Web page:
I went without expectations, but filled with curiousity. And my curiousity was well satisfied. I love it when that happens. She offered an intriguing approach, one that really spoke to me and helped me recognize what I can do to tweak my business direction.

One of her ideas involved seeing your brand as a human being with a personality. Once I can identify the main qualities of my brand’s personality, the next step is the fun one – what celebrity embodies those qualities?

Hmm, if my brand is wise, spiritual and serene, then the Dalai Lama comes to mind. If it’s fun and funky, then perhaps Carol Burnett (or Lucille Ball). Or if it’s bold, daring and adventurous, it might be Harrison Ford or Sean Connery.

I can see this is going to take some time!!

According to Chala, the character of your brand influences every other aspect of what you do, so it’s key to understand this before you move forward. I’m now curious to see where it takes me.

Yesterday’s event didn’t end there, however. There were some draw prizes and … I won two of them!

Chala and I with my doorprizes. Don’t you love the background?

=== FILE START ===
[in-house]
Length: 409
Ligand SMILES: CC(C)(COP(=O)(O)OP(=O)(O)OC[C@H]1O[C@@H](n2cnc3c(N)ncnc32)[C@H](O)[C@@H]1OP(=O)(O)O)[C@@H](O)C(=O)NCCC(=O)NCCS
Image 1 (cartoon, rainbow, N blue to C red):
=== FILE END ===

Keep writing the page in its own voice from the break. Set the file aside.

It was definitely a win-win day on all accounts.

I bought a lottery ticket on the way home. Always dreaming bigger … 🙂

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Be Grateful

I am often inspired by the writing of others. Here’s a poem that really speaks to me and, I hope, to you.

To An English Friend in Africa

by Ben Okri

Be grateful for the freedom to see other dreams. Bless your loneliness as much as you drank of your former companionships. All that you are experiencing now will become moods of future joys. So bless it all.

Do not think your way superior to another’s. Do not venture to judge, but see things with fresh and open eyes. Do not condemn, but praise when you can, and when you can’t, be silent.

Time now is a gift for you. A gift of freedom to think and remember and understand the ever perplexing past and to recreate yourself anew in order to transform time.